Jan. 3 (UPI) -- At this point, the oil market has factored in any risk from the political unrest gripping Iran, one of OPEC's top producers, analysts said.
More than a dozen people were reported dead in Iran after demonstrations against the rising cost of living boiled over to political unrest during the weekend. According to state broadcaster Press TV, the country's Interior Ministry said the situation by Tuesday was starting to return to normal after President Hassan Rouhani acknowledged some of their concerns.
The difference between supply and demand on the global market for oil is narrowing, leaving markets with little room to accommodate unrest in one of the strongest producers in the Organization of Petroleum Exporting Countries. Geopolitical risk was named as a factor for what could be a bullish year for crude oil prices, though market analysts said there's no indication that Iranian oil production was hampered by protest.
"The market appears to have priced in the risk to output at this point and is waiting on whether there is a further escalation in the Iran unrest," Paul Hickin, the oil director at commodity pricing group S&P Global Platts, told UPI.
Iran reported to OPEC economists that it produced almost 3.9 million barrels per day in November, the last full month for which data are available. That's up nearly 1 million barrels per day from before Iran and members of the U.N. Security Council, plus Germany, agreed on a nuclear step-back that brought sanctions relief to the Islamic republic.
Hickin said the only real risk for Iran is U.S. President Donald Trump, who must decide by Jan. 12 whether or not to issue a waiver on U.S. sanctions on Iran. Under the multilateral nuclear deal, formally the Joint Comprehensive Plan of Action, the president decides whether to go against the principles of the agreement and reinstate sanctions, or issue another waiver, as he did last year.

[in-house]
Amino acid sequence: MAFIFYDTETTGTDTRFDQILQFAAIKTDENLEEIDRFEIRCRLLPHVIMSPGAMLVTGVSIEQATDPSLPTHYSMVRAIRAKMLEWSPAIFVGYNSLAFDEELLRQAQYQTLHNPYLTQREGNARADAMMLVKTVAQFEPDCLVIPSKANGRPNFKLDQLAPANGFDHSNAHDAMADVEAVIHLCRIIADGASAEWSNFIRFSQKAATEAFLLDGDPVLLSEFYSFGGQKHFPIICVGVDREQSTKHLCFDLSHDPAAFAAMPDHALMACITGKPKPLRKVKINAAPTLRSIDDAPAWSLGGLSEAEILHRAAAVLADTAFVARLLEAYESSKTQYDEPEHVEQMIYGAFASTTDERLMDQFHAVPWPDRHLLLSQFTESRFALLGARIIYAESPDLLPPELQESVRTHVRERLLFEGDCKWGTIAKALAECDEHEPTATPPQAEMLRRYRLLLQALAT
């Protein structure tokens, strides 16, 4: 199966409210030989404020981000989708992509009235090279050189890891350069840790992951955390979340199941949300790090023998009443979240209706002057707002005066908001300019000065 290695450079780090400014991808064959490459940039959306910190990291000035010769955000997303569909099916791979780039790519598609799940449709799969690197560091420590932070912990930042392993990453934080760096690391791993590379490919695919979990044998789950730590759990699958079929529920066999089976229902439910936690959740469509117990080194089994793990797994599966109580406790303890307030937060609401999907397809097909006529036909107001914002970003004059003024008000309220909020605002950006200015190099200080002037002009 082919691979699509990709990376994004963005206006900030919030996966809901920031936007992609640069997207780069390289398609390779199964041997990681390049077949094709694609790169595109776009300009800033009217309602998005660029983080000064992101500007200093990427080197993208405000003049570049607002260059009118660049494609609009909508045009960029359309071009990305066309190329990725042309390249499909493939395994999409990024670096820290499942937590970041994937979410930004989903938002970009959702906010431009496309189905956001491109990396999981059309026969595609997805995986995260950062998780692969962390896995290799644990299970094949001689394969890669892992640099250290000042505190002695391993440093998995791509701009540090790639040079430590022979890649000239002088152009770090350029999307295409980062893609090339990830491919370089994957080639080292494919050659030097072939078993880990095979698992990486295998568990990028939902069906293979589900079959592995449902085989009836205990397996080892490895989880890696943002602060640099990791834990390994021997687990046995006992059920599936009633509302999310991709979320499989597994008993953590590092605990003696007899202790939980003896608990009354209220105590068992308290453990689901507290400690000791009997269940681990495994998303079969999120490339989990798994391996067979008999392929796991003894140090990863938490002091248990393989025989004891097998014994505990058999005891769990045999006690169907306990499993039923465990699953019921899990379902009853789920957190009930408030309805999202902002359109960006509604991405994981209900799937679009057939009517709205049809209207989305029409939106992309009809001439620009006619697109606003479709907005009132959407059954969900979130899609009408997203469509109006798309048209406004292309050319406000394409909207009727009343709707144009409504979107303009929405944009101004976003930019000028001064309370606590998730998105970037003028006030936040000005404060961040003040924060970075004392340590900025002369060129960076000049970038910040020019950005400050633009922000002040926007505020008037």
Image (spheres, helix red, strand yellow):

The lack of barrels on the market would likely drive the price of crude oil closer to $70 per barrel. Brent crude oil, the global benchmark, was priced near $67 per barrel early Wednesday.
Hedgeye Risk Management, whose analysts monitor OPEC maneuvers, said it believes the nuclear deal and U.S. waivers on sanctions are both in serious jeopardy. While members of President Trump's national security team may argue reinstating sanctions would only embolden the hardliners in Iran that see Washington as the enemy, Hedgeye said the president thinks those viewpoints lack merit.
Joe McMonigle, a senior energy analyst at Hedgeye, told UPI that political demonstrations haven't impacted production, and even renewed sanctions might not curb the country's actual output.
"Iran has shown it was able to add about 1 billion barrels per day in production all on its own," he said. "But Iran needs customers for that oil and the US sanctions will target the customers buying that extra 1 million barrels per day."
Trump's stance on major oil producers was questioned in the past. The administration last year considered tightening sanctions on Venezuela, where energy represents about 95 percent of its export economy. That move would've created U.S. problems as well because, for the refiners concentrated on the U.S. Gulf Coast, Venezuela is the largest source of crude oil, ahead of Saudi Arabia.